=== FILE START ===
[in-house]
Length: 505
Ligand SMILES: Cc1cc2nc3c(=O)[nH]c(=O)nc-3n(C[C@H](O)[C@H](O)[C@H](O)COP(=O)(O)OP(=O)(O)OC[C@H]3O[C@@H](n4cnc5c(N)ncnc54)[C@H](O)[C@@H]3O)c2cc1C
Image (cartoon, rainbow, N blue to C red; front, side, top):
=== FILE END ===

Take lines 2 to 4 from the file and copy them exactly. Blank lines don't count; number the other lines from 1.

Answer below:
Length: 505
Ligand SMILES: Cc1cc2nc3c(=O)[nH]c(=O)nc-3n(C[C@H](O)[C@H](O)[C@H](O)COP(=O)(O)OP(=O)(O)OC[C@H]3O[C@@H](n4cnc5c(N)ncnc54)[C@H](O)[C@@H]3O)c2cc1C
Image (cartoon, rainbow, N blue to C red; front, side, top):